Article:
see thumbnail to leftErnst Ludwig Kirchner, The Belle-Alliance-Platz in Berlin, 1914, oil on canvas, 200 x 150 cm, Neue Nationalgalerie, Berlin.

 

 

see thumbnail to rightErnst Ludwig Kirchner, Dresden: Schlossplatz, 1926, oil on canvas, 47 1/4 x 59 inches, Minneapolis Institute of Arts.

 

see thumbnail to leftErnst Ludwig Kirchner, Bern with Belltower, 1935, oil on canvas, 27 3/4 x 31 3/4 inches, Minneapolis Institute of Arts.

 

 

Max Pechstein (German, 1881-1955), Early Morning, 1914, oil on canvas, 32 1/4 x 39 3/4 inches, Portland Art Museum, ME. See secession.

 

 

Max Pechstein, Selbstbildnis mit Pfeife (Raucher) (Self-Portrait with Pipe (Smoker)), from Die Schaffenden (Weimar, 1924), 1921, woodcut, image 34 x 28 cm, Fine Arts Museums of San Francisco, CA. See self-portrait.

 

 

 

see thumbnail to rightMax Pechstein, Dancer Reflected in a Mirror, 1923, woodcut, edition of 51, 19 9/19 x 15 3/4 inches (49.6 x 40 cm), Museum of Modern Art, NY. Publisher: Euphorian Verlag, Berlin. See mirror.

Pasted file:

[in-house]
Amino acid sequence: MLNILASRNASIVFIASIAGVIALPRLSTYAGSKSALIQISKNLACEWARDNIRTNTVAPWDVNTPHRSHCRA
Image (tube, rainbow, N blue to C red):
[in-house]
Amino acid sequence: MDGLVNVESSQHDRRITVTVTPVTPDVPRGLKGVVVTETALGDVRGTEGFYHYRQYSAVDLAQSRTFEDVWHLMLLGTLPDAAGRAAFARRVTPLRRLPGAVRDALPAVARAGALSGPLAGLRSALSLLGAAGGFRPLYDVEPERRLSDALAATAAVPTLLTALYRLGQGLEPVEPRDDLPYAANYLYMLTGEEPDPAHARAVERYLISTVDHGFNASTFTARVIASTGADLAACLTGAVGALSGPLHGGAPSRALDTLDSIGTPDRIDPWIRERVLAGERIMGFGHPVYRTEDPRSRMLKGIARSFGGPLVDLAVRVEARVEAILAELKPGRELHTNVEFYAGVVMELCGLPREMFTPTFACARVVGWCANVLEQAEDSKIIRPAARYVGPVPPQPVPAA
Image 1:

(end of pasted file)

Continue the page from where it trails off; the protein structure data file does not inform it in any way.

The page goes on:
see thumbnail to leftErich Heckel (German, 1883-1970), Bildnis E.H. (Self-Portrait), 1917, woodcut, image 36.4 x 29.5 cm; sheet 61.6 x 50.7 cm, Fine Arts Museums of San Francisco, CA. See Die Brücke and self-portrait.

 

 

 

see thumbnail to rightMax Beckmann (German, 1884-1950), The Feast of the Prodigal Son, 1918, gouache and pencil on parchment, 14 1/4 x 11 3/4 inches (36.1 x 29.7 cm), Museum of Modern Art, NY.

 

 

 

see thumbnail to leftMax Beckmann, Carnival (Fastnacht), 1920, oil on canvas, 186.4 x 91.8 cm, Tate Gallery, London.

 

see thumbnail to rightMax Beckmann, The Skaters, 1932, oil on canvas, 50 1/2 x 38 1/2 inches, Minneapolis Institute of Arts.

 

see thumbnail to leftMax Beckmann, Beginning, 1949, oil on canvas, 69 x 125 1/2 inches (175.3 x 318.8 cm), Metropolitan Museum of Art, NY.

 

 

see thumbnail to rightKarl Schmidt-Rottluff (German, 1884-1976), Two Women, 1912, oil on canvas, 76.5 x 84.5 cm, Tate Gallery, London. See Die Brücke.

 

 

see thumbnail to leftKarl Schmidt-Rottluff, Pharisees, 1912, oil on canvas, 29 7/8 x 40 1/2 inches (75.9 x 102.9 cm), Museum of Modern Art, NY.